By Blaine Scott
Most discussions of panic attack symptoms concentrate on the physical reactions to panic attacks like heart palpitations, sweaty palms, trembling, shortness of breath and nausea. As a result, most people have a fairly good understanding of their physical reactions to an attack, but there are also some mental symptoms that interact with the physical.
These interactions will build on the length and severity of the attacks. Thus, the negative thought patterns of a person suffering from these attacks will serve to dramatically increase the physical symptoms--so... their thought patterns start to make the attacks even worse.
Let's say someone is suffering a panic attack and their heart starts racing. They can easily assume they're having a heart attack. While they are more than likely not having a heart attack, they think they are which elevates their physical symptoms. These physical and emotional feelings build on each other and make the entire episode much more intense.
Some people will become nauseous as part of their panic attack. They may also develop other stomach issues like irritable bowel syndrome. Even during the times they are not suffering from anxiety issues their stomach might be upset. They will begin to fear they have some physical problems like cancer or an ulcer and these fears will build up over time. While sleeping their stomach may make strange noises and wake them up. There is no worse time for people who suffer from anxiety than being awake in the middle of the night and experiencing some of their physical symptoms. This is the "perfect storm" for panic attack sufferers as there are no distractions in the quiet of the night--- the mind is free to play its tricks. They may not have an attack during the night, but their anxiety is heightened making them all the more prone to have one in the future.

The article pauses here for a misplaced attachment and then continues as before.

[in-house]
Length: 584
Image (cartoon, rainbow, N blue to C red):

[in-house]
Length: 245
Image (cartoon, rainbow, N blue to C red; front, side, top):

Many who are in the throes of a panic attack will have a mental dialogue with themselves. The mind will seem like it's screaming at them with all the things they should fear--their anxiety grows--and soon they are mentally awash in their destructive thoughts. Obviously, these are not physical symptoms, but the operation of the mind will make the physical symptoms worse. This is why it is important for someone suffering from these issues to try and divert the mind and focus on some type of external stimulus. This will help get the mind under control and serve to stop it from magnifying the physical symptoms of the attack.
There are lots of ways to divert attention from a panic attack--it can be as simple as throwing cold water on your face. But, those methods will be the subject of one of my future articles.
Clearly, it is important to understand there are mental, as well as physical symptoms of panic attacks and any series of treatment should address both issues.